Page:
3. How has the university environment and the STARTUP class in particular affected the path of this idea?

The University of Minnesota’s environment at the time was a great place for me to build up Playtabase.  I knew I wanted to be a tech entrepreneur two years before I started and talked my way into clubs in CSE and Carlson, the engineering and business colleges, to gain experience and information, even though I was a CLA student.   I applied for internships through those programs, and competed in their competitions.  I was motivated enough, that I was able to overcome objections, and it was uncommon enough that there were no rules against it.  So by the time I started Playtabase, I was already running a 2 year old non-profit with friends I met in those clubs and had experience in business and technology.  

My engagement in clubs from various colleges, gave me a tremendous opportunity to connect students and organize them around a common purpose, a skill I learned in the U's Entrepreneurship Club.  Although there were many places in the University where I was laughed at and ridiculed as a weirdo with an improbable idea.  The wealth of clubs and opportunities made for multiple chances to access an amazing experimentation, recruitment, and training ground for the skills necessary to boost Playtabase up.  Additionally, support from involved and caring faculty in those colleges like Paul Imbertson in CSE and Steve Spruth + John Stavig in Carlson, was tremendously helpful in opening doors and introductions for me, as CLA graduate student with a crazy idea.  This all lead to an all student or recent grad team of about 12 pretty quickly as we gained steam with students from across the university helping out, running out of dorm rooms and school areas.  It was a lot of fun, and we all learned a lot.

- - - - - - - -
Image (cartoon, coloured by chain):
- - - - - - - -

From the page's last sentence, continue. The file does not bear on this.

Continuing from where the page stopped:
Although it was still in development at the time, the Startup Class was one of those wonderful resources available to students including me, because I had sought to drench myself in awareness of the programs at the U.  In it I was forced to develop the Playtabase’s first public presentations, work on business modeling, and had the luxury of being held to account for progress on a regular basis and gain feedback on company efforts.  Being your own boss for a sane idea is tough.  When you’re trying to turn grandma’s into Jedi,  a lot of wild ideas float around, so that enforced discipline was critical early on.  Plus it gave me a break from my teaching and dissertation writing, though my advisors likely wouldn’t have liked that.

4. What advice do you have for current and future STARTUP participants and student entrepreneurs?

This is just my input:

For Startup Class participants, I say your business is not a class.  The class is a short-term adviser you paid for.  It’s not about the grade; it’s about improvement.  If you can’t measure that, it didn’t happen.

Student Entrepreneurs:
  • Train your gut, then listen to it.  Having your sanity questioned isn’t always bad; it may be necessary.
  • Succession planning is planning success. Get a mentor; be a mentor. Stay focused, humble, and weird.
  • Verify your biases whenever possible. Seek out opportunities. Enjoy the journey. Prefer optimists.
  • Attend the U’s Entrepreneurship Club and related opportunities with the intensity of a professional athlete.